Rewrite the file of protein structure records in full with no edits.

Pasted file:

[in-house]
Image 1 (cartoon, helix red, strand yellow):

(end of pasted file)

[in-house]
Image 1 (cartoon, helix red, strand yellow):